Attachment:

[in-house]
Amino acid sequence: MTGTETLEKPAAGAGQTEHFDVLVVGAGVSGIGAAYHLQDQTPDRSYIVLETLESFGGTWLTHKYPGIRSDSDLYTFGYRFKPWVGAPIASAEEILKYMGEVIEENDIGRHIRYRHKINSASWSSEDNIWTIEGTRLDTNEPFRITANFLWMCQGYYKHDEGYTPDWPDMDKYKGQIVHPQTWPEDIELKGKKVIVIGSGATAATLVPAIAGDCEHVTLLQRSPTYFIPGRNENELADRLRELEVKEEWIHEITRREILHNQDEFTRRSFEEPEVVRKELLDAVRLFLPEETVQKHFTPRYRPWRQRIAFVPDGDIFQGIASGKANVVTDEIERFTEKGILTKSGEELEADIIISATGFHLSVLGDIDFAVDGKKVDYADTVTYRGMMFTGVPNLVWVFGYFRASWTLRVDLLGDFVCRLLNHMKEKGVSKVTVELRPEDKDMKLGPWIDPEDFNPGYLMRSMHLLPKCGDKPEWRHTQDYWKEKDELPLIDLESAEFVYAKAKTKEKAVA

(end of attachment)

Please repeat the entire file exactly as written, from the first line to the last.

[in-house]
Amino acid sequence: MTGTETLEKPAAGAGQTEHFDVLVVGAGVSGIGAAYHLQDQTPDRSYIVLETLESFGGTWLTHKYPGIRSDSDLYTFGYRFKPWVGAPIASAEEILKYMGEVIEENDIGRHIRYRHKINSASWSSEDNIWTIEGTRLDTNEPFRITANFLWMCQGYYKHDEGYTPDWPDMDKYKGQIVHPQTWPEDIELKGKKVIVIGSGATAATLVPAIAGDCEHVTLLQRSPTYFIPGRNENELADRLRELEVKEEWIHEITRREILHNQDEFTRRSFEEPEVVRKELLDAVRLFLPEETVQKHFTPRYRPWRQRIAFVPDGDIFQGIASGKANVVTDEIERFTEKGILTKSGEELEADIIISATGFHLSVLGDIDFAVDGKKVDYADTVTYRGMMFTGVPNLVWVFGYFRASWTLRVDLLGDFVCRLLNHMKEKGVSKVTVELRPEDKDMKLGPWIDPEDFNPGYLMRSMHLLPKCGDKPEWRHTQDYWKEKDELPLIDLESAEFVYAKAKTKEKAVA